Correspondence and other items of Isabelle (Perkinson) Williamson, wife of Lee Hoomes Williamson, engineer, and of her mother, Isabelle (Holmes) Perkinson. There are also letters from and items belonging to Lee H. Williamson. Topics include: life in Charlottesville, Virginia; students of the University; Edwin A. Alderman, University president; work in the Navy Department from 1913-1917; the early moving picture industry; life during the Roaring Twenties; and the beginning of the Great Depression. Includes descriptions of the Georgetown Visitation Convent, Washington, D.C., Europe during 1909 and 1910, Virginia, the Panama Canal Zone, Rancagua, Chile, and Puerto Rico. Papers relating to World War I consist of letters from soldiers and war workers; food cards; and letters from Mary Peyton, who was with a field hospital unit in France. The collection also contains information on early moving pictures; life during the Roaring Twenties; and the beginning of the Great Depression. Photographs - chiefly of family members and views from a Chilean mining settlement - and ephemera such as postcards, calling cards, tickets, and greeting cards round out the collection.

Collection comprises papers of Isabelle (Perkinson) Williamson, wife of Lee Hoomes Williamson, engineer, and of her mother, Isabelle (Holmes) Perkinson. Included are many letters to Isabelle (Holmes) Perkinson from former students of the University of Virginia who had patronized her boardinghouse in Charlottesville, Virginia, letters from Isabelle (Holmes) Perkinson to her daughter describing life in Charlottesville, and commenting on Edwin A. Alderman, President of the University of Virginia, and many notes and bills reflecting frequent financial difficulties. Also included in this collection are letters between Isabelle P. and Lee Hoomes Williamson.

Many of the letters describe travels: letters from Isabelle P. Williamson to her mother were sent while attending the Georgetown Visitation Convent, Washington, D.C., while on a tour of Europe during 1909 and 1910, while visiting in Virginia and in the Panama Canal Zone, while working in the Navy Department in Washington, 1913-1917, and, after her marriage in 1917, while living near Rancagua, Chile, and in Puerto Rico with her husband. Also included in this collection are letters between Isabelle P. Williamson and Lee Hoomes Williamson.

The collection also contains information on the early motion picture industry; life during the Roaring Twenties; and the beginning of the Great Depression.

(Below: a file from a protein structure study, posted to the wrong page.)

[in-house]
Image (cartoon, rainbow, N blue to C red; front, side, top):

Papers relating to World War I consist of letters from soldiers and war workers, food cards, and letters from Mary Peyton, who was with a field hospital unit in France.

Sixty-nine photographs - chiefly of family members and views from a Chilean mining settlement - and ephemera such as postcards, calling cards, tickets, greeting cards, and Lee Williamson's WWI military identification card round out the collection.

Much more information on the collection's contents, written up in 1941, can be found in the Rubenstein Library cardfile catalog; please consult with Research Services staff.

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The Riggs family lived in Washington, D.C. George Washington Riggs was the founder of Riggs and Company and the Riggs National Bank. The collection contains correspondence, legal papers, financial papers, pictures, and printed material of the Riggs family of Washington, D.C. Correspondence relates to the interest of George Washington Riggs, founder of Riggs and Company and of the Riggs National Bank, in collecting art objects, currency, and paintings, and to his investments in Washington real estate and to the various investments of his children and grandchildren. Legal papers relate principally to the settlement of the estates of various members of the family. Financial papers relate chiefly to Alice and Jane Riggs, daughters of G. W. Riggs, and a few bills of exchange. Printed materials include inaugural souvenirs representing the Cleveland through the Coolidge administrations. Among the pictures are photographs of the Riggs sisters, and autographed photographs belonging to G. W. Riggs.

This collection contains correspondence, legal papers, financial papers, pictures, and printed material of the Riggs family. Correspondence pertains to the interest of George Washington Riggs (1813-1881), founder of Riggs and Company and of the Riggs National Bank, Washington, D.C., in collecting art objects, currency, and paintings, and to his investments in Washington real estate; the investments of his daughters, Jane Riggs (1853-1930) and Alice Riggs, in various companies; the settlement of the share of the estate of Katherine Shedden (Riggs) de Geofroy (d. 1881) belonging to her sons, George de Geofroy and Antoine de Geofroy; business correspondence between Jane Riggs and the children of Cecilia (Riggs) and Henry Howard, especially George Howard; and the stranding of Jane Riggs in Germany at the outbreak of World War I.

Legal papers, relating principally to the settlement of the estates of various members of the Riggs family, include estate papers of Elisha Riggs (1779-1853); will of George Washington Riggs, records of the division of the estate, and an accounting of the executor, Lawrason Riggs (1814-1888), brother of George Washington Riggs; papers pertaining to the lawsuit of Francis B. Riggs, William C. Riggs, and Mary G. Riggs, of the family of Elisha Riggs, Jr., against the remaining members of families of the children of Elisha Riggs, Sr., containing a listing of the members of the Riggs family and several wills; inventory of the estate of Thomas Lawrason Riggs, 1888; inventory of the estate of Jane Riggs, 1930-1931; guardianship papers for George de Geofroy and Antoine de Geofroy, 1893-1894; and title to a real estate lot in Washington, D.C., a legal matter involving former President Franklin Pierce.

Financial papers are chiefly the statements of Alice and Jane Riggs, and a few bills of exchange relating to the commercial transactions of George Peabody and his partner, Elisha Riggs. Printed materials include pamphlets on the suit of Elisha Francis Riggs (d. 1936) against Mary McMullen, companion of Jane Riggs, for possession of family treasures; and invitations and inaugural souvenirs from the White House representing the Cleveland through the Coolidge administrations. Among the pictures are photographs of the Riggs sisters, and autographed photographs belonging to George Washington Riggs, including those of the British commissioners who settled the Alabama claims in 1871.